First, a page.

24,900     leased   December 2016   Manufacture of hemodialysis machines and peritoneal dialysis cyclers; research and development
Bad Homburg (OE), Germany
   
10,304
   
leased
 
December 2016
 
Manufacture of hemodialysis concentrate solutions / Technical Services / Logistics services Amgen
Darmstadt, Germany
    21,597     leased   November 2010   Regional Distribution Center Central Europe
Palazzo Pignano, Italy
    19,990     owned       Manufacture of bloodlines and tubing
L΄Arbresle, France
    13,524     owned       Manufacture of polysulfone dialyzers, special filters and dry hemodialysis concentrates
Nottinghamshire, UK
    5,110     owned       Manufacture of hemodialysis concentrate solutions
Vrsac, Serbia
    2,642     owned       Production area, Laboratory, lobby, maintenance, administration, logistics
Barcelona, Spain
    2,000     owned       Manufacture of hemodialysis concentrate solutions
Antalya, Turkey
    8,676     leased   December 2022   Manufacture of bloodlines
Casablanca, Morocco
    2,823     owned       Manufacture of hemodialysis concentrate solutions
Guadalajara, México
    26,984     owned       Manufacture of peritoneal dialysis bags
Buenos Aires, Argentina
    10,500     owned       Manufacture of hemodialysis concentrate solutions, dry hemodialysis concentrates, bloodlines and desinfectants
São Paulo, Brazil
    8,566     owned       Manufacture of hemodialysis concentrate solutions, dry hemodialysis concentrates, peritoneal dialysis bags, intravenous solutions bags, peritoneal dialysis and blood lines sets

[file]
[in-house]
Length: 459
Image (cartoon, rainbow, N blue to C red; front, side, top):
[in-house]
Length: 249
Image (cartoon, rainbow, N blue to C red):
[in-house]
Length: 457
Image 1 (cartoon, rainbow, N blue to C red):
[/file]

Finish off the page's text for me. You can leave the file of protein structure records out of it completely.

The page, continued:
São Paulo, Brazil
    5,000     leased   October 2009   Warehouse
Rio de Janeiro, Brazil
    1,635     leased   Jun 2011   Head Office


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          Currently
       
          Owned
       
    Floor Area
    or Leased
       
    (Approximate
    by Fresenius
  Lease
   
Location
  Square Meters)     Medical Care  
Expiration
 
Use
 
Bogotá, Colombia
    18,947     owned       Manufacture of hemodialysis concentrate solutions, peritoneal dialysis bags, intravenous solutions, administration
Valencia, Venezuela
    3,562     leased   May 2009   Head Office and Warehouse
Buenos Aires, Argentina
    1,800     leased   September 2010   Head Office
Hong Kong
    3,588     leased   November 2009   Various leases of Warehouse facility
Hong Kong
    1,260     leased   February 2012   Corporate headquarters and administration
Suzhou, China (Changshu Plant)
    25,168     owned       Manufacture of hemodialysis bloodline sets / AV Fistula set
Brighton, Australia
    1,200     owned       Dialysis Unit
Altona VIC, Australia
    1,500     leased       Warehouse
Auckland, New Sealand
    1,680     leased   open contract   Warehouse
Selangor, Malaysia
    1,669     leased   November 2011   Administration / Warehouse
Yongin, South Korea
    2,645     leased   December 2009   Warehouse
Seoul, South Korea
    1,905     leased   January 2012   Administration
Oita, Japan (Inukai Plant)
    3,065     owned       Manufacture of polysulfone filters
Fukuoka, Japan (Buzen Plant)